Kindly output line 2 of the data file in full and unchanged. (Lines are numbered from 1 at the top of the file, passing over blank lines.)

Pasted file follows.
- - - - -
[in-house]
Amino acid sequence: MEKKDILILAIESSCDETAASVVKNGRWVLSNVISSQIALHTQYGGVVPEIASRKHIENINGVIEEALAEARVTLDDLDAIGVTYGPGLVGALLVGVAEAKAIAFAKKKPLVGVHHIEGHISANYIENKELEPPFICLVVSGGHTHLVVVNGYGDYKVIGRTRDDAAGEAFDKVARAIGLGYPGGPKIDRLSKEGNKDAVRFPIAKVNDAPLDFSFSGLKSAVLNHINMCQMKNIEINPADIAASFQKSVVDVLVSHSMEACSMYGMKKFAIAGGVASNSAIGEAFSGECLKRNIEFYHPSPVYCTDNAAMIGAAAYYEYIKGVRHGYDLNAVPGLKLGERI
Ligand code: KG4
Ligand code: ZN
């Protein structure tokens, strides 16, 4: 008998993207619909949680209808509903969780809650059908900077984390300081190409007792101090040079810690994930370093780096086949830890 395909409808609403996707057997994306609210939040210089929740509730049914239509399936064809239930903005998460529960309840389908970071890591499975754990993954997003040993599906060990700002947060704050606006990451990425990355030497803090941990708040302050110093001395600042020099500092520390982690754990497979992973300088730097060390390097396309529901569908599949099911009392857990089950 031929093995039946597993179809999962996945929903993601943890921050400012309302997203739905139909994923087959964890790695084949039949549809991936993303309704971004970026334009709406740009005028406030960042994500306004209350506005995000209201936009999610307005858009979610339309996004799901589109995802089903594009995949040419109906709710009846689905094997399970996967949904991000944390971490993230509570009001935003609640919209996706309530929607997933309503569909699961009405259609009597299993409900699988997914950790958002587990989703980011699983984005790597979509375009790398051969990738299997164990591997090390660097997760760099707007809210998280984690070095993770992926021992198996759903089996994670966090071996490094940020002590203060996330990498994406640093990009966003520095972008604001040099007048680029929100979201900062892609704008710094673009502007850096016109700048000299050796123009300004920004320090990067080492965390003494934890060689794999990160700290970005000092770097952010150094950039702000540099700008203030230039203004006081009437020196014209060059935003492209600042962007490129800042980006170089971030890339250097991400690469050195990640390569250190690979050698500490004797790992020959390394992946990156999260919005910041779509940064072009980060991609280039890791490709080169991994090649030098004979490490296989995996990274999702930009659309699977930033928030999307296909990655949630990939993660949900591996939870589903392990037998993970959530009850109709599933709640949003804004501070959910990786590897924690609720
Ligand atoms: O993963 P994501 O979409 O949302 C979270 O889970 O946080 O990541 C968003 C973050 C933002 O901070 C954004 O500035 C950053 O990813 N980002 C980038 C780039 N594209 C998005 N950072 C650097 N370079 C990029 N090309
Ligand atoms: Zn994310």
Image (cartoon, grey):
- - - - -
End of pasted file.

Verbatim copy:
Amino acid sequence: MEKKDILILAIESSCDETAASVVKNGRWVLSNVISSQIALHTQYGGVVPEIASRKHIENINGVIEEALAEARVTLDDLDAIGVTYGPGLVGALLVGVAEAKAIAFAKKKPLVGVHHIEGHISANYIENKELEPPFICLVVSGGHTHLVVVNGYGDYKVIGRTRDDAAGEAFDKVARAIGLGYPGGPKIDRLSKEGNKDAVRFPIAKVNDAPLDFSFSGLKSAVLNHINMCQMKNIEINPADIAASFQKSVVDVLVSHSMEACSMYGMKKFAIAGGVASNSAIGEAFSGECLKRNIEFYHPSPVYCTDNAAMIGAAAYYEYIKGVRHGYDLNAVPGLKLGERI